This story is from Texas Monthly’s archives. We have left it as it was originally published, without updating, to maintain a clear historical record.
What separates a trick play from the rest of football is the element of creativity. Football has become too much a game of rote. Coaches call it “execution”: doing the same thing the same way play after play. Nothing must be left to the imagination. Do as you are trained and we will win. That’s all very well for the few good teams, but what about the rest? Why should they embrace this orthodoxy, dooming their O’s to get obliterated, play after play, by the enemy’s X’s? Their only hope is to shatter the opponent’s precision, to refuse to play by his rules, to create something so totally new that it renders his endless hours of practice useless.
Alas, the trick play is becoming a lost art today, a victim of the prevailing ethos among football coaches that regards such skulduggery as the closest thing to cheating. Artifice has been all but legislated out of existence. Many of today’s highly technical rules concerning substitutions, uniforms, numbering of players, and putting the ball in play are designed solely to prevent trick plays.
What is strange about this point of view is that deception and legerdemain are as basic to football as brute strength. The quarterback fakes to the fullback, who feints into the line. The linemen pretend to be overwhelmed by rushers so they can race out and set up a screen, and all the while the defense is disguising its pass coverage. Darrell Royal won national acclaim for a wishbone formation that concealed the ball from the defense; yet a few years earlier he was criticized for changing to a jersey color that concealed the ball from the defense.
The trouble with tricks is that they debunk the notion that football is a test of character. Back in the old days, when winning meant no less but image did, football was acknowledged to be a test of wiles. Many of today’s standard offensive maneuvers were originally trick plays—the Statue of Liberty (the passer drops back as if to throw and instead slips the ball to a runner circling behind him), the fleaflicker (a runner takes a handoff, bucks into the line, then turns and flips it back to the quarterback for a pass), and even the reverse. One high school coach sewed football-colored patches to the midriffs of his players’ uniforms; when a play began, every back clutched his tummy and it was impossible to know who had the ball. A coach could go as far as his fertile imagination could carry him.
Resurrecting the trick play could be the answer to all of football’s current problems. Worried about high costs? People will pack stadiums trying to spot a lonesome end. Worried about the perennial have-nots? UT and Arkansas can’t program their robots for sucker plays. Worried about cheating in recruiting? Make brains as important as brawn and even Rice could win the Southwest Conference.
In compiling our endangered species list of trick plays, we contacted coaches from around the state. A few admitted to knowing a thing or two about trick plays—perhaps they had read the 1969 collection published by Texas Football magazine and known to all connoisseurs—but none confessed to a fondness for them. Nor did any know about my modified triple-reverse, double-handoff flanker option pass to the quarterback. It’s one trick play not explained below. That’s because next January, when the Cowboys and Oilers meet in the Super Bowl, I’m going to auction it to the high bidder.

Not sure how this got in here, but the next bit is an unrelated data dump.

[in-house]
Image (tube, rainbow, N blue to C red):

The Tackle’s Revenge
Pity the poor offensive tackle. He labors in obscurity, throwing himself play after play against hostile bodies, never getting a chance to touch the ball himself unless something has gone terribly wrong. The tackle-eligible play is his salvation, a ruse that should gladden the hearts of underdogs and anonymous souls everywhere. It takes advantage of the fact that in a pro-style offense virtually every play starts with the same basic formation. The split end lines up, say, on the right, far outside the right tackle, while the flanker goes to the left side of the field, well beyond the tight end and a yard or so behind the line of scrimmage. Under the rules, only the two ends and the backs, including the flanker, are eligible to go downfield and catch passes. Boring, boring—especially for the poor right tackle, who at first glance looks like an end, yet is proscribed by law from sharing in the glory. But a tiny shift in position can transform him into an eligible receiver. The flanker lines up one step forward, becoming an end, while the split end drops back one step like a flanker. Free at last, the tackle fakes a block, lurches into the secondary as though carried by momentum, and, ignored by scornful defenders, awaits the ball. Why isn’t this play tried more often? Because the clumsy oaf usually drops the ball.
The Lonesome End
The apotheosis of football chicanery, the lonesome end ploy requires only a favorable location on the field and a coach bent on larceny. It must be set up on the previous play, which is run toward the sideline in front of your own bench. Bodies scatter everywhere, and who is to notice if one of them doesn’t make it all the way back to the huddle—in fact, remains with his back to the field, apparently part of a cluster of standing benchwarmers? Actually, he is positioned in bounds, but from the defense’s vantage point, he blends in perfectly with the bench.